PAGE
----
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Myths about School Choice

MYTH 1: School choice drains money from public schools.

  • In 2019-20, North Carolina allocated approximately 40% of state General Fund appropriations to K-12 public education. (That equates to over $9.3 billion in the 2019-2020 fiscal year).

  • Taxpayers spend less to educate a K-12 student in North Carolina through one of the state’s school choice programs—like public charter schools, homeschools, and the Opportunity Scholarship Program—than they do to educate a student in one of the state’s public district schools.

    • Public school funding in North Carolina is not entirely dependent upon student enrollment. Public schools are only partially funded on a per-pupil basis.

    • While enrollment in public district schools has flattened or declined in recent years (especially during the height of the COVID pandemic), state funding for public district schools has continued to increase.

THE FACT: School choice does not drain money from the public school system.


MYTH 2: School choice programs operate with little to no accountability.

  • School choice programs offer the highest level of accountability to taxpayers, because they empower parents, not the government, to choose the educational environment that is the best for their child. Parents can voluntarily move their children out of a school of choice that is failing to meet their child’s educational needs. (

  • The Opportunity Scholarship Program is administrated by the North Carolina Education Assistance Authority Program, and accountability measures that address financial, administrative, academic, and anti-discrimination requirements for all schools accepting scholarship students are written into the law.

  • Charter schools must be approved by the State Board of Education following an extensive review process, and can be revoked by the State Board for failure to meet academic, financial, or other measures.

  • Recent statistics indicate that Opportunity Scholarship recipients, "scored higher than their public school counterparts in all three subject areas examined—mathematics, reading, and language." (

THE FACT: School choice programs operate under high levels of accountability.


MYTH 3: School choice programs draw the most proficient and affluent students out of the public district school system.

  • North Carolina’s Opportunity Scholarship Program is specifically designed to provide school choice options to low and moderate income families. In a recent study, families who benefited from the Opportunity Scholarship Program had an "adjusted median household income in 2016-17 of $16,213." (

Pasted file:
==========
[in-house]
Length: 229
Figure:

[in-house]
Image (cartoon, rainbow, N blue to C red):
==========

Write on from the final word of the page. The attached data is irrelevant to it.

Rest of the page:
• North Carolina also offers school choice options and valuable education funding assistance to students with disabilities.

  • Many charter school are specifically designed to serve the needs of low-income families in impoverished areas of the state.

  • Homeschool families represent a wide spectrum of income criteria.

THE FACT: Because school choice equalizes access to quality education, school choice programs help to ensure that all students—regardless of family income—are provided an equal opportunity for success.


MYTH 4: School choice programs promote segregation.

  • Educational choice programs help to reduce zip code segregation, and this closes the achievement gap.

  • Educational choice is highly valued by many minority families. In fact, public charter schools currently serve a higher proportion of black and brown students compared to public district schools. This is a voluntary choice made by parents.

THE FACT: School choice programs enable parents of all income levels and zip codes to make decisions about where to send their children to school—school choice is about voluntary association, not segregation.


MYTH 5: You can’t support school choice programs and public schools.

  • District schools, charter schools, magnet schools, and early college enrollment programs are all public school choice options in North Carolina.

  • Because school choice brings competition into the educational arena, it challenges public and private schools to improve performance and student outcomes.

THE FACT: Charter schools, magnet schools, and public district schools represent a large portion of school choice options in North Carolina.


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